from the paging-the-ftc dept
Several weeks back, the FTC posted some guidelines on how it expects disclosures to be used in native advertising campaigns. The short of it is that advertising campaigns should come with some kind of prominent disclosure, one easily read and understood by the public. Specifically regarding online content, the FTC guide states:
The Federal Trade Commission Act prohibits deceptive or unfair practices. It’s the FTC’s job to ensure that long-standing consumer protection principles apply in the digital marketplace, including to native advertising. The FTC has issued an Enforcement Policy Statement on Deceptively Formatted Advertisements that explains how the agency applies established truth-in-advertising standards in this context. This Guide for Businesses supplements the Enforcement Policy Statement by offering informal guidance from FTC staff to help companies apply the Policy Statement in day-to-day contexts in digital media.And it goes on to discuss more specifically about the manner in which disclosures should be included in campaigns:
Disclosures that are necessary to avoid misleading consumers must be presented clearly and prominently. Whether a disclosure of a native ad’s commercial nature meets this standard will be measured by its performance – that is, do consumers recognize the native ad as an ad? Only disclosures that consumers notice, process, and understand can be effective. Inadequate disclosures can’t change the net impression created and won’t stop consumers from being deceived that advertising or promotional messages are something other than ads.After that section comes the criteria by which disclosures shall be deemed adequate for the purposes of informing the consuming public that they are viewing a form of advertisement. That criteria appears to be of little use to several ESPN employees, however, who have decided to simply omit any disclosure in several Twitter-related advertising partnerships that may or may not be official campaigns between ESPN and the brands being advertised. This all started with tweets from Adam Schefter and Chris Mortensen, both of whom are NFL reporters for ESPN, tweeting out blatant native advertising for Domino's Pizza.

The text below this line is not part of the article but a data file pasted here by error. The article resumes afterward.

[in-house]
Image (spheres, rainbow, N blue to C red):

New Years Eve means college football and @Dominos pizza.— Adam Schefter (@AdamSchefter) December 31, 2015
As of this writing, those two tweets remain in their original form, but in case they disappear, here are some screenshots:
ESPN says this is all a mistake and that future tweets associated with Domino’s ad buy with the network will be compliant with federal law. Which is fine, though we’re still skeptical that New Year’s Eve means either college football or pizza—and so were the millions of fans who didn’t tune in for this year’s college football playoff games.That exchange occurred on January fifth. ESPN had been made aware of its "error." Exactly one day later, another ESPN reporter was tweeting out blatant advertising for Buick, sans any disclosure that it was advertising.
ESPN told us yesterday that tweets from NFL reporters Adam Schefter and Chris Mortensen in which they implausibly expressed strong desires to spend New Year’s Eve eating Domino’s pizza were improperly not labeled as ads, and that in the future all promotional tweets from ESPNers would be properly labeled. Today, an ESPN reporter did it again. This afternoon, college football reporter Kaylee Hartun tweeted some junk about Buick:That tweet, unlike the other two, was deleted when people began asking, again, why there was no disclosure. It was replaced with a nearly identical tweet with an added "#ad" hashtag. Hartung had also reportedly tweeted out several more times in the past about Buick, also without a disclosure that the tweets were a form of advertising. It seems ESPN and its employees are playing very loose with FTC rules, which may not end well.
"If you’re in Phoenix for #CFBPlayoff, look for me at the @Buick tent. #ThatsABuick"
This isn’t just some hoary ethics sermon. Three years ago the Federal Trade Commission released its .com Disclosures to offer guidance for how ads online should be labeled to avoid running afoul of the law. And as they note, the FTC Act’s prohibition of “unfair or deceptive acts or practices” doesn’t make an exception for the internet. The FTC has popped Deutsch LA and Kim Kardashian, among others, for deceptive tweets.There's nothing wrong with native advertising, but for one of the largest sports broadcasters on the planet to be actively attempting to deceive the public is shameful. Especially when there's enough of a legal team at ESPN that they absolutely know better. These types of ad campaigns could be the way of the future, but not if companies kill it all off by training the public to suspect deception at every turn.